Two Great Neck South History Bowl teams traveled to Washington, DC, for the National History Bee and Bowl (NHBB) National Championships. After more than 10 rounds of answering history tossups, the varsity team finished 17th out of 180 teams while the junior varsity team finished 10th out of 108 teams, the highest place that a JV team from South has earned since the tournament began in 2010.
“We had some hard-fought victories and also had some losses, but overall the teamwork made the tournament an unforgettable experience,” sophomore Andersen Gu, junior varsity captain, said. “We all spent hours studying topics since the beginning of the school year to prepare us for this competition.”
History Bowl is a competition that focuses on world events from more than 3,000 years ago to current times. There are four quarters, each of which has its own format. The first quarter consists of 10 three-to-four sentence-long tossups. The second quarter consists of eight-to-ten tossups with one corresponding bonus for every correct answer given. The third quarter consists of eight one-sentence bonus questions, during which team members can converse on answers. The fourth quarter consists of eight-to-ten tossups, which are power-marked, meaning that if you answer them early, students receive bonus points.
South’s Varsity team, consisting of seniors Lucia Geng, Allan Lee, David Yuan and William Zheng, and junior Anthong Xiang, finished 4-1 in the preliminary rounds, where they continued into the top bracket for afternoon rounds. Although only going 2-3 in the afternoon, they narrowly lost to the highest-seeded team in the nation and lost by only 10 points—
the equivalent to one tossup—to last year’s varsity champion.
South’s junior varsity team, consisting of sophomores Andersen Gu, Samuel Levine, Daniel Lu, Noah Sheidlower and Ethan Vainrib, finished 5-0 in the preliminary rounds, having the fourth-highest point total out of all teams. The team went 3-2 in the afternoon, losing on a tiebreaker question to the top-seeded team in the country. Advancing to playoffs, the team went 1-2, losing by a small margin to the top-ranked team from California.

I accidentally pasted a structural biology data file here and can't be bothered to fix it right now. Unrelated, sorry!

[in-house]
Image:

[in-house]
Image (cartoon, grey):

“I’m proud of how far we got,” Gu said. “With four of five members going to nationals for the first time, we communicated and played like we were a team who practiced together for years.”
In addition to placing high in the bowl, Lee and Gu participated in the National History Bee, with Gu finishing 41st out of 200 students in JV and Lee finishing 13th out of more than 150 students in varsity. History Bee, an individual event, consists of 35 three-to-five sentence tossups on world history. As many as eight of the best history players in the country compete in one room to see who can answer the most correct tossups per round. Lee, who finished 21st in preliminaries, had the seventh-highest quarter-final score, advancing him to semifinals, where he finished 13th.
Lee also placed 21st in the United States History Bee, which is identical in format to the History Bee, but is exclusively on United States history. Vainrib also placed 35th out of more than 80 students competing in the Varsity International Geography Bee as only a sophomore.
After placing highly in both individual and team events, the South varsity team now has hopes of placing within the top 13 nationwide at the High School National Championship Tournament (HSNCT) in Atlanta.